The reasons behind the RBA’s decision to leave interest rates unchanged yesterday have largely been ignored in today’s commentary. The radical alterations made to the accompanying statement have been overlooked, lied about or dismissed. Instead, pretty much to a man, media and bank economic commentary has stuck to its so far completely wrong assessment that rate hikes remain imminent.
I won’t say I completely disagree. It’s always possible that we’ll see another hike in the near future. But the lack of engagement in the detail of why it’s unlikely, the lack care in assessing the available information and the sheer lack of interest in the evolving situation I find just a tad bizarro.
As I explained yesterday, the statement was a total reversal of the month before. And I mean complete. The May statement was just about the most hawkish I can remember. Yesterday was one of the most dovish. So, we find ourselves in a discordant situation in which RBA rhetoric is lurching from one extreme to the other yet those who follow them are the proverbial stopped clocks. What gives?
I’ll offer several explanations. The first is the maddening media game played by the many participants. Interest rate commentators have their priorities upside down. They are obsessed with getting the call right, as opposed to explaining why things might move one way or another. As such, the vast majority of commentators are hoisted on their own petards. Once a call is made, all subsequent commentary is bound, gagged and tied to that judgement. The bullhawks are the prime example but it’s more widespread than that. Even senior bank economists seem addicted to it. And certainly media commentators are. One can only ask, why is it so hard to so say ‘I was wrong’?
Second, and this is where it gets hard for the economists, the Australian economy is not the beast that they remember. Most (all?) of these guys have grown up in the ever expanding system of mortgage credit growth. Most, too, work for companies that are firmly embedded in this obsolete system. As well, pretty much all were rescued in the GFC and, whether by design or default, the comfort that this has provided has thrown a blanket of numbness over everyone’s head. The paradigm shift that has occurred is like some nasty creature under the bed that must be ignored lest it becomes real.
The third reason I’ll offer is the government has actively fostered this blanket. System guys trust the system and when the system says China will grow for ever so it will! When it says we must make room for Futureboom! so we must. When it says Australia was untouched by the GFC, so be it! When it says jump off the cliff, obey! The government has very successfully pretended there was no GFC whilst assuming the risk of the national mortgage market on the sly but that’s not something to worry those in the system.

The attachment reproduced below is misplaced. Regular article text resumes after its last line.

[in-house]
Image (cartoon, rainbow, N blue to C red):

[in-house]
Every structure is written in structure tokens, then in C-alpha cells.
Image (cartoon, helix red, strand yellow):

The intellectual failure in all of this makes me sad. But the fact that people rely on these guys to make investments makes me angry.
The RBA has been more forthright. It has explained that the end of debt accumulation is nigh, that the jig is up on offshore borrowing, that the mortgage system upon which most commentators feed, cannot grow. But, it has also been a little complicit, unsure of its own diagnoses, by pumping out growth projections that depend upon rebounds in consumption that are also part of the old system. We’ll see more RBA growth downgrades soon.
So, what the hell is this new paradigm anyway? It can be summed as follows.
As the ratings agencies have made abundantly clear, Australia can no longer prudently expand its offshore debt. That means the banking system cannot grow except through internal funding, which also means the mortgage system will struggle to grow. This much is on the record. I would go further. The RBA is engaged in a grand project of attempting to keep household debt from growing in the hope that through disleveraging (lowered credit growth rates) Australia can grow into its enormous debt and housing bubble. This has a long way to run. Based on GDP to March and March credit aggregates, Australia’s debt to GDP is at 153%, down from 170% in 07/08.
The RBA is also attempting to prevent household debt from growing for the other oft-stated reason, to make room for dramatically expanded resources investment.
In short, the RBA is having to manage two historic economic transformations simultaneously. One of them is potentially enormously deflationary, the other is potentially enormously inflationary. Pulled between these poles, the RBA may continue to lurch from one extreme to the other, at least in its jawboning.
Yesterday the RBA had the intellectual integrity to discard its previous statement and go with the data. The response amongst interest rate observers could not be more different.